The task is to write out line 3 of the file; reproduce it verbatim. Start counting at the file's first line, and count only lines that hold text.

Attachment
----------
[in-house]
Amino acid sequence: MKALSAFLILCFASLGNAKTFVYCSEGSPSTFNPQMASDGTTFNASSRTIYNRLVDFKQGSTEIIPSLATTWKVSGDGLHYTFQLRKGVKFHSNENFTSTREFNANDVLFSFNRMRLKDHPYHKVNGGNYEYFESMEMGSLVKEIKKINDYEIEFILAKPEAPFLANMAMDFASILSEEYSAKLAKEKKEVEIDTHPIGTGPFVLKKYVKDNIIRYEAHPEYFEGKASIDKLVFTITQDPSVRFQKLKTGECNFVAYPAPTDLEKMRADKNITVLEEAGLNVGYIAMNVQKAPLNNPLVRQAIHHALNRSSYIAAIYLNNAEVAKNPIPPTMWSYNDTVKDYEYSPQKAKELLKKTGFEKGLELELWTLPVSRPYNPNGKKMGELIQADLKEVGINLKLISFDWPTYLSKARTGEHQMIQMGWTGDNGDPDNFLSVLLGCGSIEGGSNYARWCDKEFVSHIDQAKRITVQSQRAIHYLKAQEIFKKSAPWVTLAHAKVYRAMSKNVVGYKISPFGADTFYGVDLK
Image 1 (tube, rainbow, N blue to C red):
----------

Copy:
Image 1 (tube, rainbow, N blue to C red):